Army lab puts Linux cluster into service

Army lab puts Linux cluster into service

One of the military's four chief supercomputing centers has put a 256-processor Linux cluster to work.

The system, which has a peak speed of 1.7 trillion floating operations per second, is the first Linux production cluster among the four major shared resource centers, said Thomas Kendall, chief systems engineer for the center at the Army Research Laboratory in Aberdeen, Md. The centers are the backbone of the Defense Department's High-Performance Computing Modernization Program.

Lab officials did not specifically set out to install a Linux cluster, but chose it over proprietary Unix systems during the modernization program's most recent technology refreshment.

'It certainly competed on a level playing field with everything else out there,' Kendall said.

Linux Networx Inc. of Bluffdale, Utah, built the Army system, which uses 3.06-GHz Intel Pentium 4 Xeon processors and the company's own Clusterworx and Ice Box cluster management tools. Defense researchers will use the cluster for computational chemistry, shock physics and other complex simulations.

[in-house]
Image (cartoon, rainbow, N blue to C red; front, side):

The new system will take over the workload of two recently retired SGI Origin 2000 computers, Kendall said. The lab, which runs its high-performance computers on a 42-month lifecycle, may also shut down one or two additional systems in the near future, he said.

The lab named the Linux cluster Powell after secretary of state Colin Powell. The Army's high-performance computing center has started to name its large systems after recently retired Army generals, Kendall said.

Powell occupies the 113th spot on the most recent Top 500 listing of the world's fastest supercomputers.

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